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APHA Scientific Session and Event Listing
5173.0: Wednesday, November 07, 2007 - 3:10 PM

Abstract #154878

Attitudes, testing and treatment rates of hepatitis C and HIV among injection drug users

Kirsten Rowe, MS1, James Tesoriero, PhD2, Karyn K. Heavner, MSPH2, Jeffrey Rothman, MS, MBA3, Alain Litwin, MD4, Marc Slifer, MSW1, and Guthrie S. Birkhead, MD, MPH5. (1) AIDS Institute, New York State Department of Health, Riverview Center, Suite 516, 150 Broadway, Menands, NY 12204, 518-402-6814, kas11@health.state.ny.us, (2) New York State Department of Health AIDS Institute, State of New York Department of Health, Riverview Center, 5th floor, 150 Broadway, Menands, NY 12204, (3) Health Facility Planning, New York State Department of Health, 433 River St., 6th Floor, Troy, NY 12180, (4) Division of Substance Abuse, Department of Psychiatry and Behavioral Sciences, Albert Einstein College of Medicine, 3230 Bainbridge Ave., Suite C, Bronx, NY 10467, (5) Deputy Commissioner, Office of Public Health, NYS Department of Health, Corning Tower, 14th floor, ESP, Albany, NY 12237

BACKGROUND: Injection drug users are at high risk for HIV and HCV, but historically have had less access to HCV evaluation and treatment. The Viral Hepatitis Integration Project (VHIP) seeks to establish/enhance hepatitis screening, testing, prevention and treatment within drug treatment and substance use settings already providing HIV services.

METHODS: Clients from methadone maintenance treatment programs and syringe exchange programs in New York City completed a baseline survey (n=1414) assessing their attitudes, beliefs, knowledge, experiences and risk behaviors.

RESULTS: The sample was predominately male (59%), >40 years old (66%) and Hispanic (65%). At baseline, just one-third of clients were vaccinated for hepatitis A or B. Furthermore, 73% and 98% had tested for HCV and HIV, respectively. Sixty percent of those tested were HCV-positive and 18% were HIV-positive. While 76% of HCV-positive clients had discussed treatment with a health care provider only 22% had a liver biopsy. Only 15% of HCV-positive clients were in treatment compared to 82% of HIV-positive clients. In contrast, clients expressed favorable attitudes towards hepatitis testing, vaccinations and treatment; 92% indicated they would get vaccinated and, among HCV-positive clients, the majority would get a liver biopsy and receive treatment.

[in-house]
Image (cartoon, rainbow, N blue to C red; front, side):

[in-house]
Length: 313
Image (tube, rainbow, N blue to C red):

CONCLUSIONS: Despite higher rates of HCV than HIV, hepatitis services are accessed at much lower rates than HIV services although clients have favorable attitudes toward hepatitis testing, vaccinations and treatment. Given this population's risky behavior, hepatitis vaccinations and HCV testing should be strongly encouraged as well as increasing access to HCV testing/treatment services. VHIP will address these inequities.

Learning Objectives:

Keywords: Hepatitis C, Injection Drug Users

Presenting author's disclosure statement:

Any relevant financial relationships? No
Any institutionally-contracted trials related to this submission?

I agree to comply with the American Public Health Association Conflict of Interest and Commercial Support Guidelines, and to disclose to the participants any off-label or experimental uses of a commercial product or service discussed in my presentation.

Drug Use Behaviors and HIV Risk Behaviors among Underserved Populations

The 135th APHA Annual Meeting & Exposition (November 3-7, 2007) of APHA